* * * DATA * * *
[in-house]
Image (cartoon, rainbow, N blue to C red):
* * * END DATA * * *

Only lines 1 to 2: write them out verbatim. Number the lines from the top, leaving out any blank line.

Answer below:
[in-house]
Image (cartoon, rainbow, N blue to C red):